If you really want to learn about body language and feel assured you're getting the facts right, I'm not sure this is the right book. I'd be interested to know what other people think, or what book I should read on the subject.


Marvel Masterworks: The Amazing Spider-Man Volume 1 TPB: Amazing Spider-Man v. 1
Marvel Masterworks: The Amazing Spider-Man Volume 1 TPB: Amazing Spider-Man v. 1
by Stan Lee
Edition: Paperback

2 of 2 people found the following review helpful
4.0 out of 5 stars Beautifully reproduced, 15 Oct. 2011
Verified Purchase(What is this?)
Classic Spider Man. Character never as good as he was in these early issues. Colours beautifully reproduced. It's incredible how colours fade on old comics - even when using comic bags. I have some old Spideys form the 60s-80s and the colours are totally washed out. These Masterworks are a joy to read. But what's with the HIDEOUS covers. They look like something that should be airbrushed onto the side of a motorbike and don't even begin to capture the spirit of Spider Man. Doh!


Glitter and Doom Live
Glitter and Doom Live
Price: £9.99

5 of 6 people found the following review helpful
2.0 out of 5 stars No glitter, just doom., 4 Jun. 2011
This review is from: Glitter and Doom Live (Audio CD)
Hate to say it, but this album ended a period of about four years when I loved pretty much everything Tom Waits threw at me. And how spectacularly. This album has poor sound quality, and the gruff bark of his voice reduces all variety in musical arrangements to a singular, tobacco-spittle-brown tone. Quite tedious, to be honest. Worst of all this album made me think TW has fallen into a kind of parody of a parody (because, let's face it, TW begins with parody), self-imitations and predictability. I think this is partly because he's the victim of a press that laud pretty much anything he does.

The extra CD of tired old jokes is poor, and really it feels as if the marketing department have finally got to him.

A great, great artist. But he deserves an honest review of this poor piece of work. I think maybe some of the thin, limited textures of this album could be down to that sound quality, and perhaps in concert it was far superior, but this is a review of the CD and it's not good at all.


Kipling Sahib: India and the Making of Rudyard Kipling 1865-1900
Kipling Sahib: India and the Making of Rudyard Kipling 1865-1900
by Charles Allen
Edition: Paperback
Price: £11.99

2 of 2 people found the following review helpful
4.0 out of 5 stars Blows away some Kipling stereotypes, 21 May 2011
Loved this book. First 80 pages a bit plodding then, as Kipling really starts to explore both native and British India, you do too. His nighttime prowls on the streets of Lahore and cutting parodies of British hill station society are wonderful.

A fascinating character, unfashionable for partly justifiable reasons - yes, he was a reactionary; you can't revise that away - but also a complicated, interesting man who had real affinity for aspects of Indian culture.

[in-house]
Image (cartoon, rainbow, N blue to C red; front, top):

Can't wait to start reading the early stories...


Story: Substance, Structure, Style and the Principles of Screenwriting (Methuen Film)
Story: Substance, Structure, Style and the Principles of Screenwriting (Methuen Film)
by Robert McKee
Edition: Paperback

7 of 8 people found the following review helpful
3.0 out of 5 stars Not for short story writers or novelists, 2 Nov. 2010
As a caveat, I must say I read this book as someone who writes short stories and novels, not the screenplays this book chiefly focuses on.

There is some good stuff in this book, and great ways to get you thinking about conflict in writing.

However, as others have said, it is over wordy and just wanting a bit too hard to be technical.

By that I mean it breaks down every word or exchange between two characters into a technical exercise. I think there's validity in this, but there's also the case of not being able to see the wood for the trees. Sometimes there is something beyond technique in fiction, something unexplored called authentic feeling and I think this book overlooks this excessively and instead emphasises on some very finicky technique.

My gut feeling is that writing a novel with the advice from this book would be like having sex with reference to a set of prepared instructions. Textbook, but slightly creepy!

But I'll say it again, this book is mainly for scriptwriters and I acknowledge script writing (at least from what I've read here) is a more narrow, prescriptive genre so it may all be excellent advice as far as scripts are concerned.


Collected Stories (Vintage Classics)
Collected Stories (Vintage Classics)
by John Cheever
Edition: Paperback
Price: £9.74

2 of 3 people found the following review helpful
5.0 out of 5 stars An essential collection for fiction lovers, 22 Oct. 2010
I had read bits and pieces of Cheever, but it took me a while to get into this. Two or three of the early pieces are quite slow, too. The solution? I had a sabbatical from anal-retentiveness and just started dipping in, choosing stories at random.

That's when I started to really get Cheever. His stories hinge, usually, on the most delicate psychological frameworks; in other words the epiphanies or climaxes, if there are any, are in the head rather than the action. And yet, for that, they never appear indulgent or fey, but get to the very heart of what matters (to almost quote Graham Green) in a devastatingly direct way.

One example is a story called The Tallboy, which might sound unpromising when you consider it's about a piece of furniture. But using this object as a focal point, and the fairly unremarkable plot of two brothers tussling over a family heirloom, it covers the hellish dangers of sentimentality and nostalgia for a family past long gone, in a way that will affect almost any reader. As someone who enjoys writing short stories myself, I came away deeply moved and inspired by his ability to evoke those nebulous, misty aspects of ourselves which are, all the same, the centre and the truth of our lives.

Another great story: The Swimmer. About a man who decides to swim home via his suburban neighbours' pools. Oh, but this story is about much, much more than that.

Right, back to the anal retentiveness. Listing Cheever's best stories alphabetically...